- The Reports coverage of “Employment” associated with live sheep exports is also deceptive because it fails to compare live export sheep employment with potential employment if those sheep were processed locally. The quoted businesses that derive revenue form live sheep in Australia would derive the same revenue if the sheep were delivered to domestic processors rather than the port. There is no mention of potential jobs generated in processing works if the current live export sheep numbers were diverted for processing domestically. So the 4103 full time equivalent jobs attributed to live export industries for “Southern Western Australia” in Table 9 is a nonsense figure. Another hard to justify component of ABARES estimates on employment associated with live sheep is that it generates on-farm employment (1775 people page 56). It has been previously pointed out that the majority of farmers involved in selling live export sheep have business dominated by cropping and the sheep are a sideline which require minimal input and management. The Report’s data (Table 11 page 60) on average number of sheep sold for live exports per farm in WA demonstrates how baseless this employee estimate is. Table 11 reveals on the farms involved in live export, an average 1152 sheep and lambs are sold per year of which 498 go for live export. Given that there is virtually no difference in labour required to manage non live export sheep and live export sheep, it is unlikely the live export sheep could justify a significant additional labour input so the assumptions behind ABARES estimates for sheep live exports are undermined. Its assumptions are based on general labour intensities for sheep farming the majority of which involves sheep breeding businesses which are far more complicated and time consuming than running export wethers on crop stubbles.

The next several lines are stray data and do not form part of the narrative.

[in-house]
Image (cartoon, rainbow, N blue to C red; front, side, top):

- The Report’s analysis of “farm businesses selling sheep for live export” provides a deceptive conclusion as there is no comparison between selling for live export versus selling direct to domestic processors. As well, given the income from sheep whatever their destination is so small compared to grain income any financial result conclusions reflect the state of grain prices, yields and costs of production, rather than impacts of live exports. So for the Report to conclude “The financial performance of farms selling sheep for live exports was generally strong with positive average rate of return…” is misleading given average crop receipts per farm for 2011 -12 and 2012 -13 were $465,000 and live export sheep sales were $45,000 per year (Table 11).
- Under “meat processing” the report ignores the discussion about utilization rate of WA’s domestic sheep meat processing businesses.
- Under “animal welfare” there is no reference to the point that stunning prior to cutting the throat is not a prerequisite under World Organisation for Animal Health (OIE) standards. This is a critically important procedure failure to prevent animal cruelty through the Exporter Supply Chain Assurance System (ESCAS) in destination countries.
- Middle Eastern countries are increasingly substituting live sheep meat with imported processed sheep meat. The Report says this reflects growth in incomes and urbanization, along with the popularity of Western –style supermarkets. Figure 25.
ABARES does itself no credit by releasing such a poorly researched report as far as the viability of the live sheep trade is concerned. The business as usual approach it conveys does nothing to assist farmers who are value adding to their sheep enterprises through enlightened genetic selection and farm ecosystem management to produce sheepmeat consumers domestically and overseas want to buy.
Find out more:
The ABARES Live Export Trade Assessment was published 8 July 2014 at www.daff.gov.au/abares under publications